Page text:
by Denise Weimer
|Creek Chief Ledagie wearing popular silver gorgot|
While researching for the third novel in my Restoration trilogy, Witch: 1790, which will have a modern main story and a Colonial-period back story uncovered during the restoration of a log cabin, learning more about the Creek Indians who occupied my area of Middle Georgia fascinated me. Today’s article focuses on the physical appearance of these native peoples as described first hand by naturalist William Bartram and Indian agent Benjamin Hawkins.
Bartram was present at the 1773 Augusta, Georgia, land cessation meeting where Creek and Cherokee Indians ceded land to white settlers in repayment of debt. He also followed the surveying party through the wilderness. On this journey he described the Creek Indians as armed with guns in their left hand and tomahawks in their right, loud speakers, evening pipe smokers, and late sleepers. He later visited many of their villages, where he found them to welcome visitors and the men to be tender toward their women and children. Bartram said the Creek men were nearly as tall as the Cherokee, with fine features and aquiline noses. However, the women, with their large, high-arched brows, were sometimes little more than half the size of the men. The chests and muscular arms of the ancient chiefs (micos) were blue with puncture-based, lead or indigo paintings depicting the sun, moon and planets on the chest with scrolling or belts around the trunk, arms, thighs and legs. Sometimes sections were divided up for artwork of animals, landscapes and battle scenes. Settlers and soldiers under attack by Creek braves reported that the braves painted their faces half-and-half in black and red war paint.
In 1795, Benjamin Hawkins arrived in Crawford County, Central Georgia, as U.S. Indian Agent to the Creek Nation. His diaries provide even more details of how these people looked. He described the clothing of Cherokee women as possibly consisting of stillapica (moccasins) without stockings, a hoonau (short petticoat), iocoofcuttau (shift), and hutscotalcau (ear bobs). Women did not cut their hair and wore it braided and bound, either clubbed with tucullowau (red binding) or, on ceremonial days, with silver broaches or silk ribbons hanging down to the ground. Men shaved their entire head or else left portions with strips to grow in tails which could be braided and decorated with feathers, beads, pendant silver quills, and leather. This strip was often a narrow crest beginning at the crown of the head and widening to the back. Copper, shells, gems and teeth were signs of leadership. For long trips, especially during the winter, they stuffed their tall deerskin moccasins, a single deerskin wrapped with throngs, with hair or dry leaves. For treaties and talks with white men, the Creek Indians were known to mix native traditional and European clothing. They loved military jackets with brass buttons and would pair them with blousy shirts and Indian leggings. For common activities on warm weather days, the men might wear only a loincloth.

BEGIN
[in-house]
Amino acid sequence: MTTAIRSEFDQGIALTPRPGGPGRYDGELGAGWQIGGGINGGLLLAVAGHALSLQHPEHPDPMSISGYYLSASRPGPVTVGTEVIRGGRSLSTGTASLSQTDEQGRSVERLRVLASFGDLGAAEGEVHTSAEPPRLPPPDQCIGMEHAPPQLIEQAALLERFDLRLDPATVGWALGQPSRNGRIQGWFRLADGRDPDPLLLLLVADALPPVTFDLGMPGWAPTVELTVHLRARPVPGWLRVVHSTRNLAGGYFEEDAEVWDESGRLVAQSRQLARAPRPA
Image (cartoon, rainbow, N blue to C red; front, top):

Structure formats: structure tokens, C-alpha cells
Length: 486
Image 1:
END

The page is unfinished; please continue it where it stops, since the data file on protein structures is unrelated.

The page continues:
Hawkins expanded on the face painting rituals by stating that chiefs would circle both eyes in red with two-inch bars of alternating blue and yellow. Deer hunters dabbed red ocher from the red root plant on their cheeks. No doubt the early white settlers greatly preferred that type of red to the half-red, half-black war paint, which many of them did indeed encounter during the hair-raising Oconee Wars, which I’ll address in my next post.